Start slow and do not rush (remember #2 Be Patient). Nothing good in your saltwater reef tank happens overnight. In contrast, mostly bad things in your aquarium will happen quickly and overnight. Behind every tank of the month and showcase display tank there is a whole lot of work, research, time, and care put into it.
RODI systems have a gallon per day rating. If you have a low gallon per day output on your RODI system, you may be waiting for hours if you need the water in an emergency. You never know when you will need to do an emergency water change or you forgot to fill up your auto-top off container, etc. Have some RODI water ready. You can also use distilled water as a substitute in a pinch. The great thing about distilled water is that you can purchase it at grocery stores, which tend to be open late on nights and weekends.
Keep up with your water changes and maintain all your equipment. Clean out your skimmer, change out your GFO and carbon, keep your water topped off, clean your glass, clean your pumps, have dosing supplies and salt handy so you do not forget. It is really easy to fall behind on maintenance once you stop building your reef up and your tank hits stability. Do not fall into lazy reefers syndrome. If worse comes to worse - considering hiring a professional to maintain your tank. It's not worth it getting lazy and losing everything you worked so hard for.
In general, the first chamber of a sump is for the skimmer and the third chamber is for the return pump. This leaves the middle chamber. The refugium chamber of a sump is the most important part of your sump. It can not only be a refugium, which you can use macro algae like cheato to suck up nutrients, but it is also the flex space in your sump. Some hobbyists today use the refugium space to house an algae turf scrubber. The bigger it is the better.
This hobby is all about knowledge and research. If you are about to purchase something whether it is equipment or livestock and you have doubts, do not buy it. So many unnecessary livestock losses and money wasted on unneeded products can be prevented by using this rule.
Recall #6 when I said you will get addicted. This is where things can go wrong. In our circle, we call this multiple tank syndrome. You purchase multiple tanks and try to run them all at the same time. Don't spread yourself too thin. The more tanks you have the less time you have to maintain each one. It's better to focus on only one tank and if you get the itch to start up another tank, consider upgrading your current tank to a larger one instead. This hobby is very addicting, but do not try to make it take over your entire life. I know for some of you reading this - it is probably too late :).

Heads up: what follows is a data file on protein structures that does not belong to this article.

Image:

Take your time and be set on your decision of your tank location. I cover what to look for when determine your tank location in an another blog post. Having to move a tank after you made your location decision can be fairly painful, but it is nowhere as painful if you are actually needing to move to a new apartment or home.
There are so many steps and factors to consider when you are moving your tank. It describe it in detail could create a blog post as large as this article. It is a complex task and many things need to be setup ahead of time as the clock starts ticking once you pull your inhabitants out of the tank and into storage containers. If you are moving locally, take your time and research this carefully and have as much prepped beforehand. If you are moving out of state, consider selling your livestock or getting a professional to help and make sure you have references.
There are a group of people who cheer for your success in this hobby everyday. They are the aquarium clubs and societies located throughout the country. With frequent local meetups, frag swaps, sponsored events, and tank showcases it is the place to go to really build relationships with other hobbyists who share your passion. It is also a great place to be mentored and even a better place to find a reliable tank sitter or someone who can help you drill a tank.
So what are you waiting for? Check out my listing of aquarium clubs throughout the united states and found a local club to join today!
Forums are a great place to build up your knowledge, but it is also a great place for bad information. Some forums users will answer a question on a forum trying to be helpful, but they may not know the answer and may just throw one out to be helpful. In the end, the bad advice may hurt the hobbyist listening to it.
So how do you differentiate between the good and bad advice on the forum? There are few things to look for: time on the forum, past posts, do they have pictures of their own tank on the forum, etc. Look at the forum member's profile and check out their pictures. Most established forums tend to call out bad information. My biggest concern these days are with Facebook groups. I have personally noticed these groups tend to give out more faulty info then forums.